2022-02-12 21:08:22 by lauren:

"It turns out that causing problems is a lot easier than organising against them, and I am just a science fiction writer." - I want to staple this to the cover of every story I ever write from now on. The points you made in Lena are points I struggle with in my daily life and also often in my short fiction: "(emet)" about complicity, tech ethics, and facial recognition, and "One Hundred Seconds to Midnight" about algorithmic bulkheads in insurance. I would like to share my list from "You can name four groups of people matching that description without even thinking" so that anyone who did not immediately think of groups can perhaps do some research on people they might work with already: BPO call center employees, social media content moderators, anyone who works a non-tech job on a Big Tech campus (such as janitors), and chain coffee shop baristas. I mention baristas because with the advent of mask mandates, I have heard (from baristas) of many complaints about having to wear a mask in "empty stores" with "no one else there" because the speaker has entirely forgotten to consider the employees as human beings. And they are standing right in front of them! It just gets worse with further layers of digital abstraction. Anyway, I'm just a science fiction writer, so good luck!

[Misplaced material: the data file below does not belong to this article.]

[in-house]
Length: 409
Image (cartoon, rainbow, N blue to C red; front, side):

2022-02-18 00:19:14 by Someone:

> Oh boy, what if there was a maligned sector of human society whose members were for some reason considered less than human? What if they were less visible than most people, or invisible, and were exploited and abused, and had little ability to exercise their rights or even make their plight known? This part is extremely interesting to me, as it perfectly describes animals, apart from the fact that the words "human" and "people" are used. It's not just about the gig economy, it's about how we as humans treat nonhuman animals as well.

2022-03-01 09:11:17 by Antispeciesism:

"Someone" makes an excellent point above. It provides me with a new way of reading the story, and new comparisons. That's a sign of good fiction, to my mind, that can be such a rich source of mental nutrient. I look at what is seen (advertising "Yum yum, cheap meat") and unseen (secrecy of abattoirs, intensive farming, vivisection) regarding treatment of other species of animal, and they are treated as uploads for profit.

2022-03-07 05:12:39 by Joshua: